Houston Methodist. Leading Medicine

Upper Spine FAQ

Question:

Our 45-year old son had decompressive surgery on his spine for a condition called OPLL. Right after the operation his legs were numb. He's back in surgery now. Can this kind of paralysis be reversed?

Answer:

OPLL stand for ossification of the posterior longitudinal ligament. OPLL is a condition in which the long ligament along the back of the spinal column ossifies or turns to bone. Pressure on the spinal cord from this problem brings the patient to the surgeon for treatment. But removing the ligament isn't always easy or successful.

The spinal cord can become damaged during the operation. Paralysis can occur if the spine shifts its alignment. Surgeons in Japan report on 51 cases of OPLL treated by one of three operations. They report the best results when the spine was fused after removing the ligament and/or the bone around the spinal cord. Paralysis was rare when fusion was done.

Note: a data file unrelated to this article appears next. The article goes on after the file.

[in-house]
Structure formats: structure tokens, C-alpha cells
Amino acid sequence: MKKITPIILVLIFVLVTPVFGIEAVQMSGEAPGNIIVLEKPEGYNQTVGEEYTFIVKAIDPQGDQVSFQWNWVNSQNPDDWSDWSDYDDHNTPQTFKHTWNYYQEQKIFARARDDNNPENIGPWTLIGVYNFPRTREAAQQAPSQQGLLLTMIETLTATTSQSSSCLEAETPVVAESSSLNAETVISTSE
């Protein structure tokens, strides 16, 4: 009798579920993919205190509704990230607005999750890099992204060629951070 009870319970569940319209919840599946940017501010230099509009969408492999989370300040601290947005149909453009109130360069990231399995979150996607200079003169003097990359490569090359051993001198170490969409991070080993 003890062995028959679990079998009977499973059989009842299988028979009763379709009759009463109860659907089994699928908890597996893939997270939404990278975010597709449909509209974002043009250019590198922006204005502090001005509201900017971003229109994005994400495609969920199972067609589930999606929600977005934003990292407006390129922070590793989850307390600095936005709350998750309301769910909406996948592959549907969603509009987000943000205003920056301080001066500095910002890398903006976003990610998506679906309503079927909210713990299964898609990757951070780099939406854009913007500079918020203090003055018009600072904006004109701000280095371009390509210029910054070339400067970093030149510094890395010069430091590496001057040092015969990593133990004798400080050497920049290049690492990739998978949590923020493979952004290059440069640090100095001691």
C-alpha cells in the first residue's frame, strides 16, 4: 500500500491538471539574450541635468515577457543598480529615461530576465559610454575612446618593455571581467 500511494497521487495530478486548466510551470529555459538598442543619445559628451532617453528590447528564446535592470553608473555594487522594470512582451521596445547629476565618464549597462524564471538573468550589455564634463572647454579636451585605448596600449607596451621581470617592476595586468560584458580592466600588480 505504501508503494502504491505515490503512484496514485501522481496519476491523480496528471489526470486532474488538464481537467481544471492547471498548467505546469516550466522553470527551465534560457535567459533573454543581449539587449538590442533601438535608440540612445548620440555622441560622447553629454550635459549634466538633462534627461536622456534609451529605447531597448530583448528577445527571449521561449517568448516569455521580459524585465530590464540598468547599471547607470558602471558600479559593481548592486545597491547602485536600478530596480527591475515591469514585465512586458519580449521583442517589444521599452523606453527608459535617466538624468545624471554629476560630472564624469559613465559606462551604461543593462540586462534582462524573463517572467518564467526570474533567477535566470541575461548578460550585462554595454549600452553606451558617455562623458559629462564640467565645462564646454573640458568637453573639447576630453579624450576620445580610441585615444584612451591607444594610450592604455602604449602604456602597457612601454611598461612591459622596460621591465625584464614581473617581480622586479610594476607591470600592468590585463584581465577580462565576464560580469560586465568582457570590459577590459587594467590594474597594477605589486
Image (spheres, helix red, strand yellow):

Paralysis was reversed in some patient who had the ligament or bone removed but the spine wasn't fused. Fusing the spine in a more upright position took the pressure off the spinal cord and returned motor and sensory function in the legs.

In a few cases, reversal of paralysis wasn't possible. Most of these patients had severe spinal cord compression and damage before the first operation. Masashi Yamazaki, MD, PhD, et al. Clinical Results of Surgery for Thoracic Myelopathy Caused by Ossification of the Posterior Longitudinal Ligament: Operative Indication of Posterior Decompression with Instrumented Fusion. In Spine. June 1, 2006. Vol. 31. No. 13. Pp. 1452-1460.

*Disclaimer:* The information contained herein is compiled from a variety of sources. It may not be complete or timely. It does not cover all diseases, physical conditions, ailments or treatments. The information should NOT be used in place of visit with your healthcare provider, nor should you disregard the advice of your health care provider because of any information you read in this topic.
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